"JUST DUNK IT"
Published: Monday, February 18, 2013
Updated: Monday, February 18, 2013 21:02
One of the most relished events of NBA All-Star Weekend took place on Saturday—the Slam Dunk Contest. It consisted of high-flying action by short guys and big men alike, as well as a whole lot of misses.
There is a certain flair missing from the dunk contest that I firmly remember from my youth. Who could forget Jason Richardson’s bounce from the baseline to catch the ball and put it between his legs for a reverse slam in 2003? Or Vince Carter in 2000, when he took a bounce from a teammate, cradled it through his legs and finished with a violent slam with stitches in his left hand? Or in 2006 when Andre Iguodala took a pass off the backside of the backboard from Allen Iverson, ducked his head under the padded glass and slammed it home?
There are so many to choose from. Players like Julius Erving, Michael Jordan and Dominique Wilkins all made the Slam Dunk Contest RI-DUNK-U-LOSULY awesome. Now it is the Rising Stars Slam Dunk Contest, where “real” stars don’t even participate. Can anyone imagine a young LeBron James flying from the free-throw line? It is just not the same.
What is the difference between then and now? Richardson, Carter, Iguodala, Erving, Jordan and Wilkins all made the dunk on the first attempt. There wasn’t a barrage of balls flying off the rim. There wasn’t a timer back in the day. There weren’t even props, just dunks—and darn good ones.
That being said, Terrence Ross and Jeremy Evans saved the evening for what looked to be a down-and-out flunk contest. Evans dunking over a portrait of himself and Ross slamming over an innocent child will make it into the history books.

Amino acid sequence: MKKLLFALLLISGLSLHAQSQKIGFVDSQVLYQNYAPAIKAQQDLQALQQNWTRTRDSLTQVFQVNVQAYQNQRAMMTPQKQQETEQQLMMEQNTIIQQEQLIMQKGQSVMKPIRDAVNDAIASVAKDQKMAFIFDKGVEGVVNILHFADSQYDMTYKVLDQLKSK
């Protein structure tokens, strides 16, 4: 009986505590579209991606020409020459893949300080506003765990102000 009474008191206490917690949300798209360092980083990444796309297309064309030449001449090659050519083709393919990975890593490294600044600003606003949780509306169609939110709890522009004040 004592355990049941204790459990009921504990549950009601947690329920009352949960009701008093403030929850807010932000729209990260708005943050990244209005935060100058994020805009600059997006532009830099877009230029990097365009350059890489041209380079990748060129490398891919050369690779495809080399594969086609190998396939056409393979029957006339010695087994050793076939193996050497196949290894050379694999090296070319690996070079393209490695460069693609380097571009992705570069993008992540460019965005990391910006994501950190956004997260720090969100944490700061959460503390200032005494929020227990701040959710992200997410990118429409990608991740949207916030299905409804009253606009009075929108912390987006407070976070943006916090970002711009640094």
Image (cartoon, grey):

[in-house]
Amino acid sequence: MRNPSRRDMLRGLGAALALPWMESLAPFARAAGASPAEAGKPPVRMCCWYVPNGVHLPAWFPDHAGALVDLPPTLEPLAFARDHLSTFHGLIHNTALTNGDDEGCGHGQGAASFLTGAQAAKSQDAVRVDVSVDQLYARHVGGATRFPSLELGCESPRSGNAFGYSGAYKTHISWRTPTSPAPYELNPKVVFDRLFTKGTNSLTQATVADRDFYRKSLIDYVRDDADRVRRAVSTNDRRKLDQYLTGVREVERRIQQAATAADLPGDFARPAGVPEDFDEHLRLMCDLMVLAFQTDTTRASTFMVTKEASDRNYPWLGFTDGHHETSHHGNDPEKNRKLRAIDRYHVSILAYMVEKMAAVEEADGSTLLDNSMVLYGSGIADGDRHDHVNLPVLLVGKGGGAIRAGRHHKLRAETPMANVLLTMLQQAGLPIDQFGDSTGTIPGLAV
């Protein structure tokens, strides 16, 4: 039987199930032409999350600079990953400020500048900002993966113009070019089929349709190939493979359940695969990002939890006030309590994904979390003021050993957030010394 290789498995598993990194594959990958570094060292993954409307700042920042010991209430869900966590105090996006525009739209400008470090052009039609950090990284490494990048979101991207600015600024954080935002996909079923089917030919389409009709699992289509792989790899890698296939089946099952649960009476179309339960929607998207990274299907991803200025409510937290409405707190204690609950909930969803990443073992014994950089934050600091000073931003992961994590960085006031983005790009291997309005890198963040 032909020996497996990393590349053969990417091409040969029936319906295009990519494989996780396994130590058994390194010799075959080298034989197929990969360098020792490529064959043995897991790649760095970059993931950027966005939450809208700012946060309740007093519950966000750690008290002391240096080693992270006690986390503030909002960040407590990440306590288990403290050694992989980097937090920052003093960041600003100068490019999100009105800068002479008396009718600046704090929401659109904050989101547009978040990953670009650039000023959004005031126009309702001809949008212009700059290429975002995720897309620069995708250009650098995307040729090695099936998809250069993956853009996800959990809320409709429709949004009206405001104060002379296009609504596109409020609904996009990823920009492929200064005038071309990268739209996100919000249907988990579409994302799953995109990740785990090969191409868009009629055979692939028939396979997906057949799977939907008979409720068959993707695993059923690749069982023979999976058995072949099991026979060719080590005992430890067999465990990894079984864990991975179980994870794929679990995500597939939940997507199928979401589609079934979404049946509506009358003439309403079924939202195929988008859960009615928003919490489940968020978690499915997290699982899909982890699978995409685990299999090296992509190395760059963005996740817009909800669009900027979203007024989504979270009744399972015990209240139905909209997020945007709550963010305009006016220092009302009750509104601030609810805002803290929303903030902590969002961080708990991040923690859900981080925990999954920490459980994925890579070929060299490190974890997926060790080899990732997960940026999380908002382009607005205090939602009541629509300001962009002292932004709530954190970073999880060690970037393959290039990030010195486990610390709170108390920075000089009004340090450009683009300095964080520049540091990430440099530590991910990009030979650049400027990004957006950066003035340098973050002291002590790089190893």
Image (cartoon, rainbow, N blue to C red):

The failed attempt of Gerald Green to try and dunk the same ball twice while in midair became a headache. Green cutting down the net was the most exciting part but then the miss after miss killed the entire buzz in the building. Did you not come up with a backup plan? Make it creative and original, but if you can’t dunk it in practice don’t flunk it on national TV. After all that they still had to put a new net on.
Kenneth Faried’s dunks were powerful but plain. James White’s free-throw line windmill was amped up before the start, but, well, he missed. Eric Bledsoe did a 360. About 18 of them appeared in Sunday night’s All-Start Game. Bledsoe was able to redeem himself later with a pretty authoritative bouncing windmill.
In the end, the participants need to have better backup plans if the first dunk does not go down. Don’t keep trying it. The surprise is gone. I’d rather see them try a completely different dunk and miss again than see the same slam bounce off the rim three times.
Give it up for all their athletic ability but allow anyone to enter the contest. Bring back Blake Griffin, Iguodala and the stars. No one will top the likes of Carter, Jordan or Richardson, but if the right athletes don’t have the ball in their hand, we will just see more misses.
Send questions, comments and a better All-Star Weekend to Ryan Marshall at firstname.lastname@example.org